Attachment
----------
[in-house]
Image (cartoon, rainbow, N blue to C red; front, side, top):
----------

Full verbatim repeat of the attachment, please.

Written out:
[in-house]
Image (cartoon, rainbow, N blue to C red; front, side, top):